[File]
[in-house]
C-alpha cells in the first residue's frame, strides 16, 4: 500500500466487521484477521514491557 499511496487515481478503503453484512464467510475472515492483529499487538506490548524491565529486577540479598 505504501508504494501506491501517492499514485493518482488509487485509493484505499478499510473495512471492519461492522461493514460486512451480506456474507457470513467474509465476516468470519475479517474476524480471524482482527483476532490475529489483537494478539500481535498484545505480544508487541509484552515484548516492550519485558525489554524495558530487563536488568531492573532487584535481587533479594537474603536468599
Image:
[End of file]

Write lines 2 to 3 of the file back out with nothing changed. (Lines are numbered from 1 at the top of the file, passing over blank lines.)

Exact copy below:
C-alpha cells in the first residue's frame, strides 16, 4: 500500500466487521484477521514491557 499511496487515481478503503453484512464467510475472515492483529499487538506490548524491565529486577540479598 505504501508504494501506491501517492499514485493518482488509487485509493484505499478499510473495512471492519461492522461493514460486512451480506456474507457470513467474509465476516468470519475479517474476524480471524482482527483476532490475529489483537494478539500481535498484545505480544508487541509484552515484548516492550519485558525489554524495558530487563536488568531492573532487584535481587533479594537474603536468599
Image: